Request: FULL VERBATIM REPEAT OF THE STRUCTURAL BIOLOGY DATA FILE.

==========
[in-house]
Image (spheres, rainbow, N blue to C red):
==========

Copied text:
[in-house]
Image (spheres, rainbow, N blue to C red):